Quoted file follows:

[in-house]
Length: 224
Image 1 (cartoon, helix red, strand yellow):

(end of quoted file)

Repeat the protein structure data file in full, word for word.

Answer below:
[in-house]
Length: 224
Image 1 (cartoon, helix red, strand yellow):